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Protecting The Rights Of Employees

The importance of family medical leave protections

| Oct 20, 2017 | family medical leave act (fmla)

The Family and Medical Leave Act (FMLA) provides protections for job-protected leave for up to 12 weeks for an employee’s serious medical condition or a serious medical condition of an employee’s covered family member. Rhode Island Parental and Family Medical Leave (RIFML) is a similar state law in Rhode Island except that it provides up to 13 weeks of job-protected leave for an employee or covered family member’s serious medical condition.

Family leave may be taken for the birth of a child or for the care of a newborn within one year of the child’s birth; to care for a newly adopted child of the employee or newly placed foster care child within one year of the adoption or placement; to care for the employee’s spouse, domestic partner, child or parent who is suffering from a serious health condition; if a serious health condition renders the employee unable to perform essential functions of their job; and in some other circumstances as well.

FMLA can be used for up to 12 weeks in a 12-month period and RIFML can be used for up to 13 weeks in a 24-month period. Under the Family and Medical Leave Act, the leave time can be used intermittently or as a reduced schedule based on medical need. Once the employee returns to work, they must be returned to their original position or an equivalent position. Discrimination for taking family leave is not permitted and employees in Rhode Island should be familiar with their family leave rights.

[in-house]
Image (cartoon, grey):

Employees in Rhode Island are protected when they are unable to work because of a serious health crisis or other significant medical issue in their lives. It is essential for them to be familiar with how to enforce those protections and ensure they are not discriminated against when facing their own health challenges or the health challenges of family members.

Source: Brown University, “Family and Medical Leave Act (FMLA)/Rhode Island Parental Family and Medical Leave (RIPFML) (20.043),” Accessed Oct. 16, 2017